BK KREATE WITH St. SPRAY SOUP – Kingdome Magazine
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Written by Ashley Alleluya


“I’m excited to watch some magic happen tonight,” someone told me as we hung out at the Kingdome Lounge on the top floor of the Artspace studio for the first St. Spray Soup of 2017. Held on a beautiful Saturday evening, the event was a partnership between Monstarium and Burger King Kuwait, and our magazine had the honor of capturing the amazingness of the night.

In my head, this felt like the perfect collaboration. Artspace always ebbs with artistic life, delighting my senses each time I step in, making it the perfect venue for St. Spray Soup. Monstarium is the poster-child for the creative voice of today – opinionated, unfiltered, colorful and social, and this movement to create and collaborate could have only come from them. Burger King is the eternally fun brand, and brought to the table its fun and playful side, with their support and the hashtag #BKKREATE. This edition of St. Spray Soup also brought with it an incentive – the opportunity to win merchandise worth 100KD from main sponsors Burger King – and the participants went for the jackpot, all guns blazing.


If you were to take a walk around the open work area at Artspace that evening, you’d hear several layers of sound. The loudest layer was a steady stream of music to keep the artists inspired. Under that, a layer of peripheral sounds, chairs and tables squeaking under the weight of creativity, footsteps rushing across the floor to get materials for a project or a quick coffee from the bar, along with the sounds of spray cans and pencils adding life to paper. Binding all these sounds together was the steady hum of conversation, people marveling at each other’s work, receiving exposure to different creative languages, and inviting artistic minds from around the studio to collaborate and blend together their styles.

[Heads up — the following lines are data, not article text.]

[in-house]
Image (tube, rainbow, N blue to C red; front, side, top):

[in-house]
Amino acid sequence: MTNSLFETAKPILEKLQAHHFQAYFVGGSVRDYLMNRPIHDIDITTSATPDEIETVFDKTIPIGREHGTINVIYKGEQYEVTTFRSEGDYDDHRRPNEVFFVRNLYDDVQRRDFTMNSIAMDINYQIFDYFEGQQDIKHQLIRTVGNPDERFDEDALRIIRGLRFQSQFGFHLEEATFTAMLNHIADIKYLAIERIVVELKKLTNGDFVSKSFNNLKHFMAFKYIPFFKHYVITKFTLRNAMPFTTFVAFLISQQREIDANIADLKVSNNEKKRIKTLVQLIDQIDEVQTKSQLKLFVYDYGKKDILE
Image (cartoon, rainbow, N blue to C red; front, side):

This bustling scene of creative chaos is what Monstariam speaks of aiming for since the first St. Spray Soup was held in 2014. “I always knew there was a lot of talent here in Kuwait, especially among the younger crowd, but I couldn’t find these people because they had no platform to showcase their work or involve anyone in their creative process,” he says. “With St. Spray Soup now also backed by Burger King, these voices have an outlet and a space where they can come with their ideas and tools, and meet like-minded people at an event which helps them form collaborations, learn and grow as artists.”


When Monstariam speaks of young voices, I don’t think he refers only to age as a reference point. Sure, there were participants in their teens, twenties and thirties, but this event also saw children as young as a two-year-old and a 60-year-old woman bring their perspectives to the table. Young, in this case, also meant the amount of experience each participant had with displaying their work, or even experimenting with the world of art. “I remember this young girl working on her sketch of a ballerina,” Monstariam tells me. “She had a specific image in mind and her sketch captured the ballerina from an upward angle – not the easiest of perspectives to work with. She did an amazing job! When she told me that she had never drawn for herself before this, I was shocked. For an untrained hand, this was masterful work.”